How Do I Get a Copy of the Police Crash Report?
You can complete an information request form and pay $8.00 for a copy. You can request a copy from the DMV by mail, fax, or in person.
Why Is a Police Report Important?
First, it’s important because the law requires it. If you don’t report an accident when you’re supposed to, you might face criminal charges.
Second, an accident report is often an important piece of evidence during an insurance claim, workers’ compensation claim, or personal injury lawsuit.
Once you report an accident to the police, an officer investigates. The officer gets each driver’s story and might talk with witnesses and take photos. They might give one or both drivers a ticket.
After the initial investigation, the officer completes the police crash report and files it with the DMV.
The crash report sets out the basics of what happened, which can protect you from the other driver trying to lie or say the crash was your fault. It becomes a key piece of evidence in proving the other driver was negligent.
Do I Have to Report a Crash to My Auto Insurance Company?
Reporting an accident to your insurer depends on a few factors. If it was a minor fender bender with no injuries, you might choose to keep it to yourself.
It might be cheaper to pay to repair your car yourself instead of paying your deductible and possibly experiencing higher premiums in the future.
But for anything more serious, we highly recommend you tell your insurer. It doesn’t matter who was at fault for the crash.
Even if you expect to get compensation from the other driver’s insurer, tell yours about the accident. Your insurer can contact the at-fault driver’s insurance company directly.
Another benefit is using your insurance. You might have coverage that will help you pay some bills right away. Maybe you have rental car coverage.
Maybe your insurer will get your vehicle repaired or send a check for a replacement ASAP. You might even have a policy that will pay for some medical bills.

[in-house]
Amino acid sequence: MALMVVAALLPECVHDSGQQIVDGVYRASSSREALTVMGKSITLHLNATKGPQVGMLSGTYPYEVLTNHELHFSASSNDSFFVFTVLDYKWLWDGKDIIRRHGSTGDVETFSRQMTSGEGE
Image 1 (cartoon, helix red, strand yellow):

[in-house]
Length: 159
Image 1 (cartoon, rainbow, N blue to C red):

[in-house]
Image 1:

There are even more potential benefits. When the other driver is at fault, your insurance might provide an attorney to defend you.
When Should I Tell My Insurance About a Car Accident?
Notify your insurance company right away. Most policies require notification of an accident within a reasonable time frame. The longer you wait, the more likely an insurer will try to deny your claim.
What Should I Tell My Insurer About A Car Accident?
Notifying an insurance company of a crash and talking about the accident are two different things. We recommend you provide notice. All that includes is the basic facts: who, what, when, and where.
We don’t recommend you discuss who was at fault or your injuries. Don’t give a statement or answer too many questions. Don’t ever take responsibility for the accident.
If the insurance adjuster starts to ask questions that you aren’t sure how to answer or whether you should answer, say, “I’m not comfortable answering questions at the moment.” Or you can say, “I’m going to speak with a lawyer before giving a statement.”
You have every right to politely decline to answer questions before you know more and have consulted a personal injury attorney.
Do I Have to Report the Crash to the Other Driver’s Insurer?
No, it’s usually better to tell your insurance company or call a lawyer. Let us contact the other driver’s insurance company.
Here’s why you don’t want to reach out to the other driver’s insurance company: They’ll want you to make a statement and answer questions.
If you do tell the other insurance company, don’t say anything more than the basic facts. Politely refuse to give a statement.
Contact a Virginia Car Accident Lawyer Today
If you were hurt in an auto accident, you need help with the claims process. You need someone looking out for your best interests. Our team at River Run Law has years of experience helping car accident victims.
Call our office at 804-889-0500 or use our online form to schedule a free consultation.